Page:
Fasciolopsis buski


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Related to Fasciolopsis buski: Fasciola hepatica

Fas·ci·o·lop·sis bus·'ki

the large intestinal fluke, a species found in the intestine of humans in eastern and southern Asia; transmitted via ingestion of water chestnuts or other vegetation contaminated with infective metacercariae.
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FASCIOLOPSIS BUSKI EGG: (Orig. mag. ×400)

Fasciolopsis buski

(fas?e-o-lop'sis)
A trematode (fluke) that infests the intestinal tract of certain mammals including humans. Symptoms include vomiting, anorexia, and diarrhea alternating with constipation. The number of flukes present may be sufficient to cause intestinal obstruction. The disease occurs in Asia, including central and southern China.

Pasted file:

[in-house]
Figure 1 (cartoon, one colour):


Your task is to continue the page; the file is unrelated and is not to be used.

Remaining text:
See: illustration; fasciolopsiasis
References in periodicals archive ?
Fasciolopsis, caused by the trematode Fasciolopsis buski (commonly known as the giant intestinal fluke), is a clinically variable disease of the intestine.
yokogawai 1 (3.0) 3 3 Stellantchasmus falcatus 2 (6.1) 52 26(15-37) Fasciolopsis buski 1 (3.0) 1 1 Figure 4.
Foodborne trematodiasis, which is caused by liver flukes (Clonorchis sinensis, Fasciola spp., Opisthorchis spp.), lung flukes (Paragonimus spp.), and intestinal flukes (Echinostoma spp., Fasciolopsis buski, heterophyids), is an emerging public health problem.